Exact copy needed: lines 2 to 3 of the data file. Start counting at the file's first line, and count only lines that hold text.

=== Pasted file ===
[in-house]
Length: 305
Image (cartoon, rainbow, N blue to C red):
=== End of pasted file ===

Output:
Length: 305
Image (cartoon, rainbow, N blue to C red):